Amy Mengel kickstarted a great conversation with her post, 5 Reasons Corporations are Failing at Social Media at Social Media Today. To summarize, corporations fail at social media because:
1. They can’t talk about anything broader than their own products.
2. They listen to customers but don’t take any action.
3. They aren’t calibrated internally with the technology.
4. They’re not framing risk accurately.
5. Their internal culture isn’t aligned for social media success.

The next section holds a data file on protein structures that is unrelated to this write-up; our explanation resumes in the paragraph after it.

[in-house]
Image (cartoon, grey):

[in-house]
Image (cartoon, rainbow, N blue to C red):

Among the many insightful comments on this post, I was particularly struck by Jeremy Victor’s suggestion of a sixth reason: Organizations have become so lean due to the recession that even to execute a “non rocket science” activity is difficult. As Jeremy suggests, the economic downturn has depleted organizational resources, and it’s possible that companies are foregoing social media campaigns because they simply don’t have the ability to do it right. I hope this is true, but I have my doubts. Unfortunately, many organizations still view social media as a cheap and easy alternative to traditional marketing channels. The failure to dedicate sufficient resources has less to do with concerns about getting it right during lean times than with the false assumption that it doesn’t take much to succeed. The second, third, and fifth reasons Amy offers point to potentially significant investments on the part of corporations. They require a new level of marketing commitment (engagement and interaction versus unidirectional messaging), a recalibration of business processes (to take advantage of information about customers and competitors obtained through social media outreach), and even a reimagining of the organizational culture (placing customer service at the forefront of organizational concerns). All of this points to more than just an investment of time and money. Done correctly, social media has the potential to completely transform corporate identities. And that may be the biggest impediment of all.